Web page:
Chapter

From Virgin Land to Ground Zero: The Mythological Foundations of the Homeland Security State

Donald Pease

in America and the Misshaping of a New World Order

Published by University of California Press

Published in print June 2010 | ISBN: 9780520098701
Published online May 2012 | e-ISBN: 9780520943797 | DOI: http://dx.doi.org/10.1525/california/9780520098701.003.0003
From Virgin Land to Ground Zero: The Mythological Foundations of the Homeland Security State

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This chapter attempts to interpret the narrative that has emerged in the wake of the events that took place on September 11, 2001. “Virgin Land” refers to a governing metaphor, which has anchored the people's grounding assumption that underscored the myth of U.S. exceptionalism. “Ground Zero” designates the site that became visible on September 11, 2001, whereon those grounding assumptions were drastically transformed. The state's powers of governance have depended in part upon its recourse to master fictions that transmit a normative system of values and beliefs from generation to generation. But the catastrophic events that took place at the World Trade Center and the Pentagon precipitated a “reality” that the national metanarratives could neither comprehend nor master. The foreign violation of Virgin Land had alienated the Americans from their imaginary way of life. This chapter also elaborates the attempts made by the Bush administration to displace the loss of belief in Virgin Land with arrogation of power to defend the Homeland, producing an ideological shift from a secure innocent nation to a wounded, insecure emergency state.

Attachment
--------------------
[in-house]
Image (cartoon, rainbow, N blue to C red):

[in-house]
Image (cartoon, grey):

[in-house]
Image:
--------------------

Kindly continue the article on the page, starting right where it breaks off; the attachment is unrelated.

Keywords: Virgin Land; Ground Zero; World Trade Center; foreign violation; ideological shift

Chapter.  8636 words. 

Subjects: Anthropology

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